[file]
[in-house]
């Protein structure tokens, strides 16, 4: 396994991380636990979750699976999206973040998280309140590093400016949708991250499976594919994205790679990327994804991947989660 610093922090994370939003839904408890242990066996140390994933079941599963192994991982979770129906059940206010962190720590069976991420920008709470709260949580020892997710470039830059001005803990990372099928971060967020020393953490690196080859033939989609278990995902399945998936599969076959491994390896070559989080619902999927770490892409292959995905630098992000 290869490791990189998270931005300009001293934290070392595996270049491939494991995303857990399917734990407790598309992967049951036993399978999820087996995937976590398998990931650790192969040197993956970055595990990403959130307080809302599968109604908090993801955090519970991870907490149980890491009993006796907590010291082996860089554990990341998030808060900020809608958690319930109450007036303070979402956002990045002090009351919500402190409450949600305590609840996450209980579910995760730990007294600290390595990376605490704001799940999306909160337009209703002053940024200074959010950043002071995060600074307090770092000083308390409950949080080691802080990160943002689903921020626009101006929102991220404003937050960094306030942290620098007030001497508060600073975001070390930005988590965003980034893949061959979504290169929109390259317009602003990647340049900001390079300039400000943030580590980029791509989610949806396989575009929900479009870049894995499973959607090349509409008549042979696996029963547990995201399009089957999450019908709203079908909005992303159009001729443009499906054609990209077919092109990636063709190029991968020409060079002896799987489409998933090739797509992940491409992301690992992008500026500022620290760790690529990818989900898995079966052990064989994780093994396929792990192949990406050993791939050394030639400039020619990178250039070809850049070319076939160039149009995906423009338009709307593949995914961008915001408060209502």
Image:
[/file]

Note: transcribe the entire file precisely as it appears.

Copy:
[in-house]
């Protein structure tokens, strides 16, 4: 396994991380636990979750699976999206973040998280309140590093400016949708991250499976594919994205790679990327994804991947989660 610093922090994370939003839904408890242990066996140390994933079941599963192994991982979770129906059940206010962190720590069976991420920008709470709260949580020892997710470039830059001005803990990372099928971060967020020393953490690196080859033939989609278990995902399945998936599969076959491994390896070559989080619902999927770490892409292959995905630098992000 290869490791990189998270931005300009001293934290070392595996270049491939494991995303857990399917734990407790598309992967049951036993399978999820087996995937976590398998990931650790192969040197993956970055595990990403959130307080809302599968109604908090993801955090519970991870907490149980890491009993006796907590010291082996860089554990990341998030808060900020809608958690319930109450007036303070979402956002990045002090009351919500402190409450949600305590609840996450209980579910995760730990007294600290390595990376605490704001799940999306909160337009209703002053940024200074959010950043002071995060600074307090770092000083308390409950949080080691802080990160943002689903921020626009101006929102991220404003937050960094306030942290620098007030001497508060600073975001070390930005988590965003980034893949061959979504290169929109390259317009602003990647340049900001390079300039400000943030580590980029791509989610949806396989575009929900479009870049894995499973959607090349509409008549042979696996029963547990995201399009089957999450019908709203079908909005992303159009001729443009499906054609990209077919092109990636063709190029991968020409060079002896799987489409998933090739797509992940491409992301690992992008500026500022620290760790690529990818989900898995079966052990064989994780093994396929792990192949990406050993791939050394030639400039020619990178250039070809850049070319076939160039149009995906423009338009709307593949995914961008915001408060209502």
Image: